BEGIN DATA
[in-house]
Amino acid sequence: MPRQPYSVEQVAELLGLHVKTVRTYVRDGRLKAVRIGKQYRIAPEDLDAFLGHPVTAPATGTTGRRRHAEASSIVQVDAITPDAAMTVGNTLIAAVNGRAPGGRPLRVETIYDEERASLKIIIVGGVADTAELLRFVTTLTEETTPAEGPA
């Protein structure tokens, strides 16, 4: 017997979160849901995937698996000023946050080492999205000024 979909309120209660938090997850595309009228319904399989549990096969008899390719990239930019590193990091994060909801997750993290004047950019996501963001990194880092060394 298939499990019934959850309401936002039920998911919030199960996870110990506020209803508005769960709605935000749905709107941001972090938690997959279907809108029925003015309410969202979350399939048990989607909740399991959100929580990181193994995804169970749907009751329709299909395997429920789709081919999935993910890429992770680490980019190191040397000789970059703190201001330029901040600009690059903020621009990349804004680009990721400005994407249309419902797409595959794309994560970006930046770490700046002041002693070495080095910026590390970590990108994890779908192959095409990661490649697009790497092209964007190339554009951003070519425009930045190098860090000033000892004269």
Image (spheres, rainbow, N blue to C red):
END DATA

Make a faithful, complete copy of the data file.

[in-house]
Amino acid sequence: MPRQPYSVEQVAELLGLHVKTVRTYVRDGRLKAVRIGKQYRIAPEDLDAFLGHPVTAPATGTTGRRRHAEASSIVQVDAITPDAAMTVGNTLIAAVNGRAPGGRPLRVETIYDEERASLKIIIVGGVADTAELLRFVTTLTEETTPAEGPA
């Protein structure tokens, strides 16, 4: 017997979160849901995937698996000023946050080492999205000024 979909309120209660938090997850595309009228319904399989549990096969008899390719990239930019590193990091994060909801997750993290004047950019996501963001990194880092060394 298939499990019934959850309401936002039920998911919030199960996870110990506020209803508005769960709605935000749905709107941001972090938690997959279907809108029925003015309410969202979350399939048990989607909740399991959100929580990181193994995804169970749907009751329709299909395997429920789709081919999935993910890429992770680490980019190191040397000789970059703190201001330029901040600009690059903020621009990349804004680009990721400005994407249309419902797409595959794309994560970006930046770490700046002041002693070495080095910026590390970590990108994890779908192959095409990661490649697009790497092209964007190339554009951003070519425009930045190098860090000033000892004269």
Image (spheres, rainbow, N blue to C red):